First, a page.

ICC Under-19 World Cup 2014: Five Indians who shone brightly
Sanju Samson amassed 160 runs at an average of 40 in ICC World Cup 2014. Photo Courtesy: Official Website of ICC
Such is the format of the World Cup that despite doing all the hard-work, a loss in the knockout phase would mean all that hard-work proving to be futile. Despite a solid show in the league phase, India Under-19 team faltered in the quarter-final. Abhijit Banare looks at some of the players who impressed for India.
1. Sarfraz Khan had already caught the eyes of many in the school level. One of the three gems at the Rizvi Springfield with a 439 in the Harris Shield. Sarfaraz’s batting style made him an ideal batsman in the lower order. Success at Under-19 level doesn’t always indicate the future of a young cricketer, but Sarfaraz’s excellence in this tournament ensures that he will be a player to watch out for. Moreover, given his young age, he might as well get another shot at the Under-19 World Cup, in two years time.
Kuldeep Yadav outfoxed the batsmen in ICC Under-19 World Cup 2014 with his left-arm chinaman bowling. Photo Courtesy: Official website of ICC
2. More than the wickets, it was a delight to watch Kuldeep Yadav’s bowling. In all the matches he bowled, Kuldeep turned out to be the mystery bowler for many. India has produced many great spinners, but Kuldeep is unique. While Kuldeep’s chinaman deliveries have foxed the batsmen, his wrong-un acts as another bow in his arrow. Another rare talent who needs to be nurtured well in the long run. While the success often covers the flip-sides, Kuldeep’s lack of fitness on view wouldn’t be an ideal scenario when he breaks into higher levels of cricket. Fitness has been slightly neglected in Indian cricket especially, when you see the athleticism of players in other countries.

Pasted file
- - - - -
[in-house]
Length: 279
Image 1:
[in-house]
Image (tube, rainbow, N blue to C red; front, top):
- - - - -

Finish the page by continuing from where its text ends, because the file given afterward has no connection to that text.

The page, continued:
3. Monu Kumar
Monu Kumar‘s bowling can serve as a subject for bio-mechanical experts to have a research on. With a physique anything but that of a pacer, Kumar’s accuracy and pace are deceptive. With a high-arm action he manages to generate decent amount of pace. Kumar is another representative of raw talent with great abilities emerging out of India’s rural areas.
Both Sanju Samson (left) and Vijay Zol played with a mature head on their young shoulders. Photo Courtesy: Goran Saxena’s Twitter Account
4. Vijay Zol
While watching the game, we often get carried away by seeing them in Indian jerseys. But one has to understand that they are all in the early stages of their respective careers. But Vijay Zol showed great maturity in handling his bowlers. He showed tactical nous in the field. He consistently shuffled his bowlers. However, in the quarter-final, his reluctance to bring back pacers at crucial moments of the game showed his over-dependence on spinners. He followed the route that had taken India to the quarter-final stage of the tournament. The fact is, the spinners had done the job for him, and he trusted a spinner. Unfortunately, the crucial penultimate over by Deepak Hooda sealed the match in England’s favour. In the end, what matters is that how his leadership skill evolves, over a period of time.
5. Sanju Samson
It’s just about time you might see him knocking on the doors of the senior team. Sanju Samson’s maturity is clearly visible especially, with all the experience he has had during the Indian Premier League (IPL) and the success in the Ranji Trophy as well. Two impressive half-centuries in the four matches at the Under-19 World Cup was just another feather added to Samson’s cap. Like Zol and Sarfaraz, his success goes beyond this tournament.
Under-19 World Cup is just the start of a promising career for many. Virat Kohli has evolved as a player since he led the Under-19 setup to a World Cup win. Over a period of time, some flourish in the domestic structure and progress ahead, while a few others get lost in the wilderness.
(Abhijit Banare is a reporter at CricketCountry. He is an avid quizzer and loves to analyse and dig out interesting facts which allows him to learn something new every day. Apart from cricket he also likes to keep a sharp eye on Indian politics, and can be followed onTwitterandblog)